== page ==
My name is Myra Johnson. I am married to Rob Johnson, and we are missionaries in Botswana. You can find more about our ministry at our ministry website.
I married my husband at the age of 42. When he came courting, I was surprised. I thought I was destined to be single for the rest of my life. When I was a child, my life goal was to marry a preacher and have 6-12 children. Pretty specific, huh? That dream seemed destined to a dusty attic. I was 41 years old, no hint that God was going to give me a husband (so no children), and I had to learn to accept that God’s ways are best. It was sometimes a struggle, but I was content. Then Rob came courting, and the dream came alive. Okay, I knew that marrying at 42 probably nixed the dream of a dozen kids, but God could still give us a few before I was too old.
Imagine my delight and joy when I learned I was expecting. But then I miscarried at 8 weeks. I was devastated. I was soon pregnant again, but miscarried again, and again, and again… I miscarried 6 times while we were on deputation and preparing to come to Botswana. In the middle of this, I was struggling with health issues that had been slowly creeping up on me. With each miscarriage, they increased dramatically, until there were weeks that I was nearly bedridden. At one point I was praying God would give Rob another wife if He took me, because I wasn’t sure I was going to make it to Botswana.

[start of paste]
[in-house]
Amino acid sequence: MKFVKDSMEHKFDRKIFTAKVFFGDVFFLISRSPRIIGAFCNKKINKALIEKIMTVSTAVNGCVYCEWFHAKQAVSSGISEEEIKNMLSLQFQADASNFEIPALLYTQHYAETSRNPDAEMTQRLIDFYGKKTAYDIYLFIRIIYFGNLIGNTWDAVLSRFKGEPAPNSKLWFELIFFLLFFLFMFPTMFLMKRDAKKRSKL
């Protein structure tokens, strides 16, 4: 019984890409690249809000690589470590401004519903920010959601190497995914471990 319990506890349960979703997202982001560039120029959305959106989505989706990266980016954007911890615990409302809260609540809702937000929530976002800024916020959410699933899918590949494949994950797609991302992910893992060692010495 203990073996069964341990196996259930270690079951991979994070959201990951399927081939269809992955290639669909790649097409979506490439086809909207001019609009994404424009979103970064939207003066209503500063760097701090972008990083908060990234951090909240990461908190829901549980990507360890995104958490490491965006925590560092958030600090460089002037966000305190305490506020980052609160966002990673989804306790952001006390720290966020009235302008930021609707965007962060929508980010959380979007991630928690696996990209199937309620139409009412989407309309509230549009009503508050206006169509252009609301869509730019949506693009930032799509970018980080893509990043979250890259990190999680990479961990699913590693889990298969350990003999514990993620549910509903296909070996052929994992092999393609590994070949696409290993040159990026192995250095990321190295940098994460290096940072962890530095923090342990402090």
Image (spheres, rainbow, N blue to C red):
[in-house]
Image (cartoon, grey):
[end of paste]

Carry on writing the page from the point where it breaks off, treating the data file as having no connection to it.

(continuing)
My health has slowly improved, but never returned to what it was. I still struggle with pain, brain fog, and crushing fatigue, and sometimes a tendency to depression (thanks to the chronic Lyme Disease). I do not know if God will ever give me good health again. As I turned 46, I came to grips with the realization that I would probably not be having children. I have 6, all in Heaven. One day I will see them, but I will never hold them here. I will never watch their Dad read God’s Word to them and pray with them. We will never lead them to Christ, kiss their cheeks, tickle them, laugh with them, or feel their little arms around our necks. I will never see the “firsts” that parents rejoice in and cry over. I will never be a grandmother. It’s not only the loss of their lives, but the loss of what might have been that we mourn.
Through all of this, God has been faithful. I have not, but God has. I have accepted His will, and railed at Him. I have sung songs of praise, and wept bitter tears. I have failed, and I have found victory. The illness and infertility are not gone, but I feel like I may be climbing out of the valley of sorrow and grief. I still have many, many days when the praise I offer is a sacrifice. I do not feel like praising, I choose to praise because He is worthy.
And in this sacrifice of praise I have found a sweet truth. Often when I begin to praise because I must, not because I feel like it, I feel the faint stirring of joy in my heart. I often feel the grief lift a bit. I sometimes feel a tiny surge of energy. Not always, but often. And I thank God for those blessings. So I encourage you to come along with me on this journey of learning to offer the sacrifice of our praise to a God who is worthy, even when we don’t feel like praising.
May God bless you on this journey,